Deconstruct the Dream Driving Your Marriage

Andy Naselli —  May 11, 2012 — Leave a comment

Justin Buzzard, Date Your Wife: A Husband’s Guide (Wheaton: Crossway, 2012), 23–25 (numbering added):

A dream is what drives a man. As a boy grows up, he gradually forms a dream for his future marriage. . . .

Some men dream about marrying a woman who will satisfy their every desire, preference, and need.

Some men form an antidream; they simply dream of a marriage that is not like their parents’ marriage (or lack of marriage). Early on, they decide they want a wife who is not like mom. They decide they want to be a man who is not like dad.

Some men dream of a marriage that is conflict free or not a lot of work.

Some men dream of a marriage that honors God and that is a lot of fun.

The dream that drove you to that first date, that drove you to the altar, is likely still driving your marriage today. That dream set the course, and is probably still setting the course, of your marriage. . . .

The way to uncover something is to ask more questions. . . .

  1. What is the earliest memory of marriage that you can think of? How has that memory influenced you?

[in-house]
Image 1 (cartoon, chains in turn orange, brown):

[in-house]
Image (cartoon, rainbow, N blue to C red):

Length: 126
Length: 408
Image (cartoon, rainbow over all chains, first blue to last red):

2. Who taught you about marriage? Who taught you about what it means to be a man and how that’s different from what it means to be a woman? What did these teachers teach you?
  3. What is the healthiest, happiest marriage you’ve ever seen? What made that marriage so attractive?
  4. What is the most dysfunctional marriage you’ve ever seen? What made that marriage so unattractive?
  5. What kind of a man was your dad? What kind of a relationship did you/do you have with him? If we were having coffee together, what would you tell me about what it was like growing up as his son?
  6. What is your greatest fear for your marriage?
  7. What is your greatest frustration with yourself, with your wife, and with your marriage?
  8. What is your wife’s greatest complaint about being married to you? What does she appreciate most about being married to you?
  9. What is your greatest hope for your marriage? What do you really want to see happen in you, in your marriage, and in your life before you die? How’s it going to happen?

You just deconstructed the dream that’s been driving your marriage. Each answer to the questions above represents one piece of the dream that drives how you operate as a husband. All the pieces don’t make complete sense yet. Right now we’re staring at an engine that’s been taken apart. The aim of this book is to make better sense of these different pieces, to do some clean-up work, and then to rebuild the engine to run better than before.

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